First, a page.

Book Club

4th Thursday of the month from 6:00 – 8:00pm

If a traditional support group isn’t for you, but you still like the idea of participating in a supportive community following a breast cancer diagnosis, join our book club.

Please register by calling Jennifer at 585-473-8177.


August Book Club – Facilitator, Ren VanMeenen

The Turner House by Angela Flournoy

There ain’t no haints in Detroit.

So spoke Francis Turner—patriarch and provider, former preacher and current truck driver—when his children claimed to have seen a ghost. A rising homeowner set to banish all the old ways for the promise of the new, Francis was having none of it. He and his wife worked hard to secure that house, to move up from Arkansas to Detroit, to make this life possible. He would not be haunted by the past.

And so a myth was born, where any one of the Turners might later repeat that phrase and be telling about so much more than haints.

The Turners live on Yarrow Street for over fifty years. Their house sees thirteen children get grown and gone—and some return; it sees the arrival of grandchildren, the fall of Detroit’s East Side, and the loss of a father. Despite abandoned lots, an embattled city, and the inevitable shift outward to the suburbs, the house still stands. But now, as their powerful mother falls ill and loses her independence, the Turners might lose their family home. Beset by time and a national crisis, the house is worth just a tenth of its mortgage. The Turner children are called back to decide its fate and to reckon with how each of their pasts might haunt—and shape—their family’s future.

Taken from www.goodreads.com


September Book Club – Facilitator, Pam Emigh-Murphy

Seven Million: A Cop, a Priest, a Soldier for the IRA, and the Still-Unsolved Rochester Brink’s Heist by Gary Craig

On a freezing night in January 1993, masked gunmen walked through the laughably lax security at the Rochester Brink’s depot, tied up the guards, and unhurriedly made off with $7.4 million in one of the FBI’s top-five armored car heists in history.

Suspicion quickly fell on a retired Rochester cop working security for Brinks at the time–as well it might. Officer Tom O’Connor had been previously suspected of everything from robbery to murder to complicity with the IRA. One ex-IRA soldier in particular was indebted to O’Connor for smuggling him and his girlfriend into the United States, and when he was caught in New York City with $2 million in cash from the Brink’s heist, prosecutors were certain they finally had enough to nail O’Connor. But they were wrong.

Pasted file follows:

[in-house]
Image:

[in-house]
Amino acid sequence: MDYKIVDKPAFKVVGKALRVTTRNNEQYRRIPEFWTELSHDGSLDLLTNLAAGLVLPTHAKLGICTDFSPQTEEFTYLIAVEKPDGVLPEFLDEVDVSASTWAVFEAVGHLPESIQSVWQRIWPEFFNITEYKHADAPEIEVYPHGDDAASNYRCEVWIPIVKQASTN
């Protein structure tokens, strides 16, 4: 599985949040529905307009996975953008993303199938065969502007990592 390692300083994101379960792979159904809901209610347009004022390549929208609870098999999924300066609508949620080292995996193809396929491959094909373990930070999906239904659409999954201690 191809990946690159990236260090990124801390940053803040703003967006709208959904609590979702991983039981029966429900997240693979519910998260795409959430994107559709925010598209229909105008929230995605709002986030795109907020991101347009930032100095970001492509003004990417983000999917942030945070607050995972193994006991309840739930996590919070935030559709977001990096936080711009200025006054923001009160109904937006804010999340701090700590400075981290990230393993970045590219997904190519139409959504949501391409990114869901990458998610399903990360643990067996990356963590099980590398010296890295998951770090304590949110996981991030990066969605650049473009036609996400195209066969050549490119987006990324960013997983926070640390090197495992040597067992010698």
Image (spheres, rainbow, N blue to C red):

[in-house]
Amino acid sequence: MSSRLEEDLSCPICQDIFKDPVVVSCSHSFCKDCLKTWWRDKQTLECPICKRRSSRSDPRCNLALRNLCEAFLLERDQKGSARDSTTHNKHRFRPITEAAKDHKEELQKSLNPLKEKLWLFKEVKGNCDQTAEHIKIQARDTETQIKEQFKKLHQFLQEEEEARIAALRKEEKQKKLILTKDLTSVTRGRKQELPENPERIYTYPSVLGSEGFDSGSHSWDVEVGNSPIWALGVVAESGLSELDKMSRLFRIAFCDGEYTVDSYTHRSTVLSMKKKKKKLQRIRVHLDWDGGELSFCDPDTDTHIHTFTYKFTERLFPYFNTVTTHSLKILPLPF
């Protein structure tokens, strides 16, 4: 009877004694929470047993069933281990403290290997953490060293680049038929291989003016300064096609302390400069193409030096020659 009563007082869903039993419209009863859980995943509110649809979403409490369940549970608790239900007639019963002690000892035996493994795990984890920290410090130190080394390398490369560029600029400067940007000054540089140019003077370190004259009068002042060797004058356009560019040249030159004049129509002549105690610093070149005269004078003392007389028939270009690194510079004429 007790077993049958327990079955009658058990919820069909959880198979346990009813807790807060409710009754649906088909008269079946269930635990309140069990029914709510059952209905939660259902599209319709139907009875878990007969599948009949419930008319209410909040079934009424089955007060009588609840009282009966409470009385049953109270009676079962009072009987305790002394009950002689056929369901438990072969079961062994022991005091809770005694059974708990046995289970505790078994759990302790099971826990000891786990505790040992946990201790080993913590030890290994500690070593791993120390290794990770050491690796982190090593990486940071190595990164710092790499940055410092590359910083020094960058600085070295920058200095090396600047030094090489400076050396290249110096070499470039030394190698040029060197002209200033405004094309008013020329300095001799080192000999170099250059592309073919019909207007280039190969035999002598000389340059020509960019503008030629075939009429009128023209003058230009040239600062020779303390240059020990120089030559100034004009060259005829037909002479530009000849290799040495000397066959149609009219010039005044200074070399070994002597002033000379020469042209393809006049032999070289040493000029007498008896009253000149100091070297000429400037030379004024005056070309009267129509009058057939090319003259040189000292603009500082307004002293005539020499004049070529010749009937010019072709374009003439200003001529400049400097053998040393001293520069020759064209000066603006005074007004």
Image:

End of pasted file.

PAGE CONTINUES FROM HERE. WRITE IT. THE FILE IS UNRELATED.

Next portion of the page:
In Seven Million, the reporter Gary Craig meticulously unwinds the long skein of leads, half-truths, false starts, and dead ends, taking us from the grim solitary pens of Northern Ireland’s Long Kesh prison to the illegal poker rooms of Manhattan to the cold lakeshore on the Canadian border where the body parts began washing up.

The story is populated by a colorful cast of characters, including cops and FBI agents, prison snitches, a radical priest of the Melkite order who ran a home for troubled teenagers on the Lower East Side of Manhattan, and the IRA rebel who’d spent long years jailed in one of Northern Ireland’s most brutal prisons and who was living underground in New York posing as a comics dealer.

Finally, Craig investigates the strange, sad fate of Ronnie Gibbons, a down-and-out boxer and muscle-for-hire in illegal New York City card rooms, who was in on the early planning of the heist, and who disappeared one day in 1995 after an ill-advised trip to Rochester to see some men about getting what he felt he was owed. Instead, he got was what was coming to him.

Seven Million is a meticulous re-creation of a complicated heist executed by a variegated and unsavory crew, and of its many repercussions. Some of the suspects are now dead, some went to jail; none of them are talking about the robbery or what really happened to Ronnie Gibbons. And the money? Only a fraction was recovered, meaning that most of the $7 million is still out there somewhere.

Taken from www.goodreads.com


All Coalition programs are free unless otherwise noted. We invite you to view our program calender here.

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